February 24, 2008

Obama Campaign Could Force America To Address Race

Despite the best efforts of many, most Americans are uncomfortable with discussions of race and racism. Like many things with which we are uncomfortable, we tend to avoid dealing with them whenever possible. And yet, whether it is Don Imus' "nappy-headed hos" or Bill O'Reilly's "lynching party," the spectre of racism is impossible to ignore and flat-out delusional to deny. Might one of the effects of Obama receiving the Democratic nomination be that it forces us to have a much needed national discussion of race and racism?

When prominent media figures make racist comments, the American people are shocked. It isn't that we are unfamiliar with racism. Depending on where one lives and with whom one socializes, many Americans are exposed to racist attitudes and expressions of racism frequently. Still, most of us do not expect to hear such expressions made out in the open from public figures. Outside of the white power movement, most American adults understand that racism is something of which one should be embarrassed. It is something many seek to overcome and most certainly not a source of pride.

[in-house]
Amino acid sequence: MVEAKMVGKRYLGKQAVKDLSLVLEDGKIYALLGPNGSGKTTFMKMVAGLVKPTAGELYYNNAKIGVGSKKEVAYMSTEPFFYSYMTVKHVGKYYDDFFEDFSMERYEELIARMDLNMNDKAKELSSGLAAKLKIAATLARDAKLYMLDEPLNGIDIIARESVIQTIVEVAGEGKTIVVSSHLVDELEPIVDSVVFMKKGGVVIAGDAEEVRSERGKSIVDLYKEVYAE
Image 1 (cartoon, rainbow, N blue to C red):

And yet, many Americans harbor doubts about their own beliefs when it comes to race. We may catch ourselves feeling uncomfortable around members of other races. We may become aware of our own racist attitudes, thoughts which we would never express but which might nevertheless influence our behavior in subtle ways. We recognize that modern racism is more covert than than the overt acts which litter our nation's history, but that this makes them no less destructive. We do not want to deal with our own misgivings about race; we would prefer to ignore it and hope that it just goes away.

With it looking increasingly likely that Obama will win the Democratic nomination, I expect that an increasingly brighter spotlight will shine on race in America. We are already seeing disturbing signs that the racists among us are awakening. I can't help but fear that this will only get worse. And yet, the true test will occur within each of us. Only time will tell whether we will be willing to confront our own attitudes about race or run from what could be an opportunity for growth.

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